Articles Posted in Criminal Law

Challenging irrelevant or prejudicial evidence is often a significant part of defense in a Washington state criminal case.  Evidence of prior bad acts by the defendant is not admissible to show the defendant’s propensity to commit the charged crime, but may be admissible for other purposes, such as showing intent or motive.  Even if there is an allowable reason to admit evidence of a prior bad act, it must be excluded if the risk of unfair prejudice substantially outweighs its probative value.

A defendant successfully challenged his conviction after a trial court allowed evidence of an alleged assault on his girlfriend that occurred prior to the events leading to the charges.  His girlfriend called 911 and reported being assaulted by the defendant.  She said he was intoxicated and had punched her.  There were then sounds of her screaming and repeatedly saying “Stop” on the recording.  There were also what the appeals court referred to as “hitting sounds.” Someone else then told the operator that the girlfriend looked to be “hurt quite badly” and provided a description of the defendant and his vehicle.  The girlfriend provided the defendant’s name and said he had beaten her.

According to the appeals court opinion, the defendant later wrecked his truck.  A woman subsequently found the defendant coming up her basement stairs.  He told her he was hiding from the police because he had been abused and framed by his girlfriend.  The woman ultimately called 911.  Law enforcement found a large knife belonging to the woman in the defendant’s waistband when they arrested him.

Continue reading

In any criminal case, the prosecution must prove all elements of the crime, including the mens rea, or intent.  Depending on the facts of the case and the crime charged, the intent element can sometimes be difficult for the prosecution to prove.  This can be especially true in Washington domestic violence cases, where witnesses may be reluctant to testify.

A defendant recently challenged his convictions of assault in the second degree and misdemeanor violation of a no-contact order.  He appealed, arguing there was insufficient evidence to support the convictions.  He argued alternatively that there was insufficient evidence he met the “reckless” element of the assault charge.  He further argued the information failed to include an essential element of the misdemeanor violation charge.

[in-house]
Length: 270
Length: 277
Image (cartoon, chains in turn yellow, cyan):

In April of 2016, a judge granted a domestic violence no-contact order to the woman the defendant had lived with.

Continue reading

Defendants in Washington criminal cases often challenge the evidence used against them.  One way to challenge evidence is to challenge the validity of the search warrant used to obtain it.  When a court issues a search warrant, it must determine there is probable cause based on the facts presented to it.  This determination is the court’s responsibility and cannot be made by police officers, so there must be more than conclusory statements supporting the warrant.  The court is permitted, however, to draw reasonable inferences from the facts presented.

The defendant in a recent case challenged a search warrant.  According to the appellate court opinion, the defendant was convicted of vehicular assault after losing control of her vehicle and crashing into two other vehicles.  Subsequent blood tests found a Blood Alcohol Concentration (BAC) of 0.13 and 4.0 nanograms of THC.  The defendant appealed her conviction, arguing a lack of probable cause to support the warrant authorizing the blood draw.

The firefighter paramedic who responded to the scene saw a female driver who was barely conscious.  He transported her to the hospital.  He identified the defendant as the driver.

Continue reading

In a series of decisions, the United States Supreme Court held that it is unconstitutional to impose certain severe sentences on juvenile offenders.  The Court first found the death penalty unconstitutional for juvenile offenders.  Then, it found a sentence of life without parole to be unconstitutional for any juvenile offender who did not commit a homicide.  The Court later held that mandatory life without parole for juvenile offenders is unconstitutional.  Following these decisions, Washington juvenile sentencing laws were revised to eliminate mandatory life sentences for juvenile offenders.  A new Washington law also required re-sentencing of juvenile offenders who had been sentenced to life without parole: RCW 10.95.030.  Washington also enacted RCW 9.94A.730, which allows juvenile offenders to petition for early release after serving 20 years.

An eligible offender sought re-sentencing under RCW 10.95.035. He had been convicted of multiple crimes as a juvenile, including aggravated murder and premeditated murder in 1992.  He received a sentence of life without parole for aggravated murder and a consecutive sentence for premeditated murder.